There are also a number of processing options that may be set. Normally
     these will only be used by a system administrator. Options may be set ei-
     ther on the command line using the -o flag (for short names), the -O flag
     (for long names), or in the configuration file. This is a partial list
     limited to those options that are likely to be useful on the command line
     and only shows the long names; for a complete list (and details), consult
     the Sendmail Installation and Operation Guide. The options are:

                 Use alternate alias file.

                 On mailers that are considered ``expensive'' to connect to,
                 don't initiate immediate connection. This requires queueing.

                 Checkpoint the queue file after every N successful deliveries
                 (default 10). This avoids excessive duplicate deliveries when
                 sending to long mailing lists interrupted by system crashes.

                 Set the delivery mode to x. Delivery modes are 'i' for in-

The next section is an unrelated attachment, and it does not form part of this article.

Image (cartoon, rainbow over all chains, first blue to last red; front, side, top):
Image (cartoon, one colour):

teractive (synchronous) delivery, 'b' for background (asyn-
                 chronous) delivery, 'q' for queue only - i.e., actual
                 delivery is done the next time the queue is run, and 'd' for
                 deferred - the same as 'q' except that database lookups for
                 maps which have set the -D option (default for the host map)
                 are avoided.

                 Set error processing to mode x. Valid modes are 'm' to mail
                 back the error message, 'w' to ``write'' back the error mes-
                 sage (or mail it back if the sender is not logged in), 'p' to